Shop smart: customs shopping guide for the holidays

by Robert Szostek
U.S. European Command Customs and Border Clearance Agency Public Affairs

***image1***When you are making your holiday gift list, you’d better check it twice. Some items available in Europe, that might seem like good Christmas presents, violate U.S. customs rules.

Violations of customs, agriculture or postal regulations can lead to hefty fines − from a minimum of $300 to jail time − and confiscation of the goods.

Meat and meat products are the biggest problems, said William Manning, Department of Agriculture attaché to the U.S. European Command.

“European delicacies like French pâté, German wurst, Spanish chorizo salami and Italian Parma ham are here for the buying and much sought-after in the States,” he said. “Unfortunately, they can also carry the spores of Foot and Mouth Disease, a virulent livestock ailment eradicated in the United States.”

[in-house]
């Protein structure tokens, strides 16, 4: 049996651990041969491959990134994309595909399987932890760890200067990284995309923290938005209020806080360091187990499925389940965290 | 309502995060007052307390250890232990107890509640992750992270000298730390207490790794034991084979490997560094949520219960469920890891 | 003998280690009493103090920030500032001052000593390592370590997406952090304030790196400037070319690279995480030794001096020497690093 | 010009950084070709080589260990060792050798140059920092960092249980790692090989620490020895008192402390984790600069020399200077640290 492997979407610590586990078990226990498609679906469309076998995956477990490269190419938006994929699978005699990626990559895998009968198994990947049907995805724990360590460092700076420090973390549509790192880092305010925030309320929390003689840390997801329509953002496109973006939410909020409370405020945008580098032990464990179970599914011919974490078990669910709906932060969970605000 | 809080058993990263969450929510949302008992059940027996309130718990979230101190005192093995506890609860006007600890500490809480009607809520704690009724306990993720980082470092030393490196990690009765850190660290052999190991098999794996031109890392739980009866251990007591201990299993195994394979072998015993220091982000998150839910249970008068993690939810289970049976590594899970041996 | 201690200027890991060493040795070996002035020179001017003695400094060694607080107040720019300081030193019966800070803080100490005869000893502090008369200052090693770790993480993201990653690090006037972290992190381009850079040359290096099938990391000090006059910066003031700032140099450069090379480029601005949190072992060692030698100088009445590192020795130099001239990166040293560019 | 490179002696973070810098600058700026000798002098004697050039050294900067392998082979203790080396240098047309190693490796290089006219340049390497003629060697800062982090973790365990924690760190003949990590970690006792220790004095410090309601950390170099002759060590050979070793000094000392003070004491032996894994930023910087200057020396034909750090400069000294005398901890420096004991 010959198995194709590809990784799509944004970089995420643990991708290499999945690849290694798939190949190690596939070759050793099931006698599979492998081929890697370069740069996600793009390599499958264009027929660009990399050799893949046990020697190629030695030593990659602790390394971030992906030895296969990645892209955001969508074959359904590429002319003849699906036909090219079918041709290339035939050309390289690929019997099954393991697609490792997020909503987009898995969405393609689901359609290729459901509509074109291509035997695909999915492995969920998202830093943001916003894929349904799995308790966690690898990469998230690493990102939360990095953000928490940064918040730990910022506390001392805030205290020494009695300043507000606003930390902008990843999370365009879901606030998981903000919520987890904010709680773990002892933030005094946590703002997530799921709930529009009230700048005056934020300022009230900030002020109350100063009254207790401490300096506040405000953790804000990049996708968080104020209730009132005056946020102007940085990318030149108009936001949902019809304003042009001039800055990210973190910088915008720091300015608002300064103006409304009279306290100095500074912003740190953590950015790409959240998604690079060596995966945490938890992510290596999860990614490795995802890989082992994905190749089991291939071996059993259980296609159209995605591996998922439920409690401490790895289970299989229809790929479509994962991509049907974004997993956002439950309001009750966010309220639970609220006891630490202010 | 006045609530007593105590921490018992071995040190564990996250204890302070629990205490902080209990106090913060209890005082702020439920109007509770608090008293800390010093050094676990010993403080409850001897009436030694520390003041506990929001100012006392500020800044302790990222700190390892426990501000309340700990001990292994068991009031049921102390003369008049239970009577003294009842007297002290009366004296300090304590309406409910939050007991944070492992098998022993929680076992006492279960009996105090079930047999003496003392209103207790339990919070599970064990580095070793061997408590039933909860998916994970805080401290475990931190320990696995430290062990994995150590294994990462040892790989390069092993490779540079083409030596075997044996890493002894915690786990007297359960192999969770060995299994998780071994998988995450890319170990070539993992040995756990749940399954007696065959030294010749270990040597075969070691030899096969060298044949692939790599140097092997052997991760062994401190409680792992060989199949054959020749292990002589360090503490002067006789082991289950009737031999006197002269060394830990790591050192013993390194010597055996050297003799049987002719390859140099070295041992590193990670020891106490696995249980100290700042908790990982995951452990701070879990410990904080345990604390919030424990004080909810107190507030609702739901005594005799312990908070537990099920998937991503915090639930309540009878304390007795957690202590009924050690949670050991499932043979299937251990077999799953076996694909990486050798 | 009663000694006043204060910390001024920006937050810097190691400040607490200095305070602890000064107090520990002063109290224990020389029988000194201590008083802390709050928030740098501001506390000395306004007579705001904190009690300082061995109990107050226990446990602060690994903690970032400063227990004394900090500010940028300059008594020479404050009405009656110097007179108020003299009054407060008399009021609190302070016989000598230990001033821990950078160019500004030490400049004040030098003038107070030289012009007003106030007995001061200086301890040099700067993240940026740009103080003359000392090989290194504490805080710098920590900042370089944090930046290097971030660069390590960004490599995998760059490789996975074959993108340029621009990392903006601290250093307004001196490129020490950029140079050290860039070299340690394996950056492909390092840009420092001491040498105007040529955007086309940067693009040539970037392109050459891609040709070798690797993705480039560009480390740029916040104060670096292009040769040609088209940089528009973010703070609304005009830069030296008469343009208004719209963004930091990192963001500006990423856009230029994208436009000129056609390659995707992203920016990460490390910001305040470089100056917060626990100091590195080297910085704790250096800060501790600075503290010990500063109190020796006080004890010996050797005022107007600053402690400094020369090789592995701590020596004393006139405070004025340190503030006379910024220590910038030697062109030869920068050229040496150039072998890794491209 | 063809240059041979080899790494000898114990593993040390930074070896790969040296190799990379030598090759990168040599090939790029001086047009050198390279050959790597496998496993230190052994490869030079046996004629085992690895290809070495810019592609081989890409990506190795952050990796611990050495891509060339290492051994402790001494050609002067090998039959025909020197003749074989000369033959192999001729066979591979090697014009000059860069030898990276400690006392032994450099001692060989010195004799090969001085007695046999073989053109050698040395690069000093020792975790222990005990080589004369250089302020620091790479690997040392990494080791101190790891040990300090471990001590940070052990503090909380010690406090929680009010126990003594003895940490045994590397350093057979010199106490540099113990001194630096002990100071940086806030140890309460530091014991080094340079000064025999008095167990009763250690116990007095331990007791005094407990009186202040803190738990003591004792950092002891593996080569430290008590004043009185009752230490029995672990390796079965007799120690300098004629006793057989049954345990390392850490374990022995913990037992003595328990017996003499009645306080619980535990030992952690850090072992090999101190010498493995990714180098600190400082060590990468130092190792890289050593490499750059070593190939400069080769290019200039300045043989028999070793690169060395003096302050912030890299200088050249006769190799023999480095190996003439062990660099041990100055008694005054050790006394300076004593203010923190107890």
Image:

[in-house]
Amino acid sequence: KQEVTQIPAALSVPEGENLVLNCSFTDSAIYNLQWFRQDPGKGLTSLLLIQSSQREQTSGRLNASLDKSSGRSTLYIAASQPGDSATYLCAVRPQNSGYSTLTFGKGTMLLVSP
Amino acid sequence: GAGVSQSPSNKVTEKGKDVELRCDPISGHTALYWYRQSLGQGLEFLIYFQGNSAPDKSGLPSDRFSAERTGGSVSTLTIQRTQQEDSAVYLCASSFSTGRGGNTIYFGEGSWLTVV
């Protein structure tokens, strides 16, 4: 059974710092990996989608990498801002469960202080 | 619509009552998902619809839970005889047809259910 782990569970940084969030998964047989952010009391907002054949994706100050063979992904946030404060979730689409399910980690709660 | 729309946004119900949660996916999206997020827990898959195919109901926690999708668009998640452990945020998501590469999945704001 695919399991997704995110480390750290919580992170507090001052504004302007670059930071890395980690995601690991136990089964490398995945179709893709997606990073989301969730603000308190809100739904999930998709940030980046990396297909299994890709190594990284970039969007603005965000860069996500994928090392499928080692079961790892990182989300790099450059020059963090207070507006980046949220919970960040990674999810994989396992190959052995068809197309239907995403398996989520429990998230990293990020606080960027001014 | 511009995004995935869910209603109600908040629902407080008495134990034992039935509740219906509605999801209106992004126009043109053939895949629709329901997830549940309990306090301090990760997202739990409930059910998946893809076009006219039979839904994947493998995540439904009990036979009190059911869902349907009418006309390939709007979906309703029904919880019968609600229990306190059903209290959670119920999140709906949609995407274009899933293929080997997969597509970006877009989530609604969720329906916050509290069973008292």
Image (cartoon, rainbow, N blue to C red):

These products are banned, as are canned meats and even soup mixes or pasta containing meat. Fresh fruits and vegetables are also prohibited because they could harbor pests like the Mediterranean fruit fly.

The U.S. Postal Service bans all liquor from being mailed, even if it is inside a piece of candy. However, customs allows travelers over 21 years of age to import one liter of duty-free liquor, said Bill Johnson, director of the European Command’s Customs and Border Clearance Agency. Cuban rum and cigars are also available in Europe but prohibited from import stateside by economic sanctions. And, buying ivory as a gift is a bad idea, according to customs officials.

 “Only ivory pieces previously registered with Customs and Border Protection may be imported,” Mr. Johnson said.

When buying furs, shoppers should insist on a certificate of origin stating the animal’s scientific name to avoid buying prohibited endangered species products. The movement of caviar is also restricted.

Many European countries have a tradition of making nativity scenes that Americans love to buy. However, the natural products used to make them are often banned from import to the United States because of the agricultural pests that could be nested in them, Mr. Johnson said. For a complete list of items with customs restrictions, visit